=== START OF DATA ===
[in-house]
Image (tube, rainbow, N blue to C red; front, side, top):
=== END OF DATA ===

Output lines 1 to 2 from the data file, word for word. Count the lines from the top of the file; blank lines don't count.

[in-house]
Image (tube, rainbow, N blue to C red; front, side, top):